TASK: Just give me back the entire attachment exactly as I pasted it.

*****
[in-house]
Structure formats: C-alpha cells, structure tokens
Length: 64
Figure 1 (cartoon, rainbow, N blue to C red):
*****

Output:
[in-house]
Structure formats: C-alpha cells, structure tokens
Length: 64
Figure 1 (cartoon, rainbow, N blue to C red):